#18, SUMMER 2005




I had the pleasure to witness a live action by Air Conditioning at Boston's Nom D'Artiste space in Sept of 2004. They diligently hauled their gear up several flights of stairs before making themselves scarce over the course of five bands' opening sets. Around 2 am or so they took the stage, quickly cleansing the existential palette with their sheer magnitude. By the time they closed, the Fire Marshall had arrived and I was prepared to greet the world anew. Robert was kind enough to send me off with a copy of their LP “I'm in the mountains, I'll call you next year.” I recommend that anyone reading this make the effort to know more of this excellent band. The below interview took place via email over the past week or so. -- Chauncey Chaumpers July 19 2005

BLASTITUDE: What is on the immediate horizon for Air Conditioning?

ROBERT JURGENSEN: I need to figure out what the fuck is wrong with my guitar head that blew up in Washington DC. Then I'm gonna be angry and depressed about it for awhile. Eventually I will get it fixed and we'll sit around Jeff The Pigeon, or maybe in downtown Easton and wish that we had a full-time drummer. More optimistically, we'll do a bunch of recording and release a full length on Hospital asap.

MATT FRANCO: We tend to have equipment/money problems a lot - more than most people I know. It's horrible. It slows us down a lot. I started buying new speakers last year. One a month. I had to buy 5. When I was done buying them in March, they all blew up in mid April. Again. As far as releases are concerned, we have a full length we are recording/putting together for Hospital at the moment.

B: What about your upcoming work for Hospital will distinguish it from previous A/C offerings?

MF: As far as personnel, we will have a few different drummers on the record. I'm not entirely sure who at the moment. Doug, the original drummer, is already on there and our friend Josh from Pearls and Brass. I can mention them because we already have tracks with them recorded. Dom (Prurient) is to be coming down to do some recording as well as Brad from Pissed Jeans. All very talented dudes. So, you know, working with different people, you're going to get a different sound. What that is, I don't know. Doesn't matter. But putting it all together should be interesting.... jesus.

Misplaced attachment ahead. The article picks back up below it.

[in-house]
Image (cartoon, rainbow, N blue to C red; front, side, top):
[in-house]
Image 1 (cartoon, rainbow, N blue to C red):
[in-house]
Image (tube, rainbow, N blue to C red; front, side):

Yea, a few years back I was doing this thing where I would be this guy. As this guy, I'd go to avon parties, craft shows, soccer games. Talk to the mothers there - and ask to come home. We'd go wherever and I'd interview them. I'd ask them set questions and have them talk into the mics and so on. This was going to be used for a project I wanted to do about mom. Mother culture. When Air Conditioning had first started I had these tapes on me and I wanted to work on it with them. But it got put onto the back burner. Things happened. I lost interest until recently. These tapes are embarrassing. They are truly answering and I'm responding as honestly as I can as well. I feel a big sense of responsibility to these women, now that I have their voices. Anyway, that's what the record is about generally - domestics. Like there's a bench in my home, two sized pillows, Land's End. Shit like that. Dad. Poor dad.

RJ: Doug Polgardy has appeared on all of our releases thus far with the exceptions of one track on the newish Electric Human Project 7" and the tracks on the upcoming Hospital 100 box set. The upcoming Hospital release could be recorded with up to 6 different drummers. Most of what will distinguish this record from previous AC offerings, musically speaking, will come as a great surprise to ourselves. We'll have to wait and see. I guess it should be mentioned that we are beginning the recording of this project with a theme in mind ahead of time, as opposed to past recordings where we sort of just took the sum of its parts and tied things together at the end.